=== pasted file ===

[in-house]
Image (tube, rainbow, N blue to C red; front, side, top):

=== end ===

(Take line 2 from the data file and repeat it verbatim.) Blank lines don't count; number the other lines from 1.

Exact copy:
Image (tube, rainbow, N blue to C red; front, side, top):